Executive function refers to the cognitive or mental abilities that people need to actively pursue goals. In other words, it’s about how we break down areas of challenge associated with:
· planning complex tasks
· organizing time and space
Let’s understand the seven core skills on which we can judge the strength of the executive functions…
Self-awareness - Self-directed attention
Inhibition - Self-control or restraint
Non-verbal working memory - The ability to hold visual imagery in your mind.
Verbal working memory - Your inner monologue or internal speech.
Emotional self-regulation - The ability to use words, images, and your own self-awareness to process and alter how we feel about things.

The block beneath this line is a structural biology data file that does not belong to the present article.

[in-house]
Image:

Self-motivation - When there is no external consequence how motivated are you to complete a task?
Planning and problem solving - Deciding on a goal and a plan to meet that goal.
Do these challenges sound familiar? Someone who exhibits the classic symptoms of Executive Function challenges with or without an ADHD diagnosis, will have difficulty with all or some of these seven skill sets. For a few examples, problems with emotional regulation may lead to inappropriate outbursts and problems with inhibition in someone can lead to impulsive actions.
These seven skills develop over time and generally in order. Self-awareness starts to develop around age 2 and these skills continue to develop until about age 30! In a neurotypical person, planning and problem solving should be fully developed by age 30.
At any age, with proper accommodations and treatment, people with executive function challenges and ADHD can learn to use what they know and strengthen these executive functions over time.